- Word count: 1745
"Despite his reputation as the 'Tsar Liberator', Alexander II had failed to satisfy the growing mood for change in Russia by the time of his assassination in 1881" Explain why you agree or disagree with this statement.
One main sign that people are not dissatisfied is unrest, for instance in 1861 there were 499 incidents of serious rioting. 1861 was also the year that the Emancipation Edict was introduced. The fact that there were unexpected 'conditions' to the edict such as redemption payments and organisations such as the Mir, may have been one reason for unrest at this time. Tsar Alexander II had two main groups of opposition. These were The Moderates and The Extremists. The Moderates were influenced by western and Russian ideas.
- Word count: 1533
Was life improving for most Russian people before the outbreak of the First World War in 1914? Discuss.
The people were not silenced though. In 1906 there were political assassinations, Peasant uprisings, protests and Stolypin's house was even bombed injuring two of his children. The Tsar created a reserve cabinet in case the present cabinet were all assassinated. The Tsar saw this widespread unrest and knew that if he didn't gain full absolute and autocratic power he would face another revolution. The Duma's were about as constitutional as the Tsar got and even then he ended up dissolving each one for different reasons.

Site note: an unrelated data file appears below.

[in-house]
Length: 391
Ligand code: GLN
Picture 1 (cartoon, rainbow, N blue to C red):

- Word count: 1003
Others considered it to be a limited and useless act and not worth the paper it was written on. In order to establish whether or not the emancipation of the serfs improved their lives or not, it is necessary to look at how their lives were before. Serfs worked for a landowner. They cultivated land allotted to them and in return for the use of this land they were required to work on the land reserved for the use of the landowner. In some cases the serfs worked so much on the landowners land, they had no time to work on their own land.
- Word count: 1242
In what sense did the policies of collectivization and industrialization constitute a second revolution in the Soviet Russia?
The country's agriculture remained backwards and the plan saw the development of capitalist-like classes. The need arose for another solution and the push towards rapid industrialization began1. This was supported by the fact the Russia saw itself under military pressure and threat2, by the growing isolation from the west and need for self sufficiency, by the need to create a system that was not at the peasants' mercy3 and finally to preserve the socialist way, by terminating classes and developing the proletariat.
- Word count: 3479
Gleb, Mekhova and others viewed the NEP in the novel as an end to equality among workers, and a return to the capitalist system of Tsarist Russia. Gleb states in reference to the NEP, "... and that will be the end of your real work." (188) Gladkov states, "Reaction is powerless. And isn't the New Economic Policy reaction? Isn't it the restoration of capitalism?" (188) Clearly Gladkov believes that the NEP is a betrayal of the revolution and a return to capitalism.
- Word count: 1124
"Cimourdain was a cause for horror." (Hugo, 236) That is how the people of France saw this former priest. Cimourdain was a man totally dedicated to the Republic. He viewed any sacrifice as acceptable, if it aided the Revolution. Even the death of his adopted son Gauvain was acceptable to him. Cimourdain in the novel represents the extreme of the Terror. While even Robespierre and Marat had occasional attacks of conscience, Cimourdain never does. Hugo uses his character to show the ferocity and immovability of the men of terror.
- Word count: 808